How to visit 21 cities in 12 days in Northern Spain

There are two types of travel itineraries – one is super relaxing, usually you stay 3-4 days in one place and move on to another, or  even a week or two in just one location. The other type aims to maximize the visits in one trip. I have to admit in many cases, I am more of the latter, especially in Europe. But I also believe that the quality of the visits do not need to be compromised if you want to see more places. I’ve done it in many places, but I’ll cite one of my recent trips to Northern Spain as an example, how I visited 21 cities in 12 days! How do I balance quantity and quality? Here’s how:

1. Plan ahead and prioritize add-ons if you have spare time

I cannot stress this enough. Planning ahead maximizes your time, ensures you see the sights you really want, and get you the best deals in hotels and flights. I make sure I know the cities in each area, and understand which ones I want, and which ones I don’t, and if it’s realistic to do two cities in a day, or one a day. And setting cities in order of priority ensures you have something on hand if you finish early.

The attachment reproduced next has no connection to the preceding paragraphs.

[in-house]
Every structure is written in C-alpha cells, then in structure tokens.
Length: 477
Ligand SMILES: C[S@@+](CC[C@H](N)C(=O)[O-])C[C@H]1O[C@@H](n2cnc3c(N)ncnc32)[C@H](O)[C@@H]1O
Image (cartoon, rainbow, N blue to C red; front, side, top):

My initial plan:

August 9-10 – Santiago de Compostela, sleep in Santiago de Compostela. If I have time, other cities in terms of priority – A Coruna, Lugo

August 11 – Travel from Santiago to Leon (a full 6 hours!), sleep in Leon

August 12 – Travel to Oviedo, sleep in Oviedo

August 13 – Travel from Oviedo to Santander – see Santander, Sleep in Santander

August 14 – Santillana del Mar excursion – sleep in Santander – If I still feel like it, go to Altamira caves (first priority), Comillas and see more Dali! (second priority), Sleep in Santander

August 15 – Travel to Bilbao – walk around at night, Sleep in Bilbao

August 16 – Travel to San Sebastian, Sleep in San Sebastian

August 17 – San Sebastian, Sleep in San Sebastian

August 18 – travel from San Sebastian to Pamplona, sleep in Pamplona

August 19 – Travel from Pamplona to Barcelona

August 20 – Barcelona shopping day!

August 21- Adios, Espana!

2. Understand your biological clock and maximize your time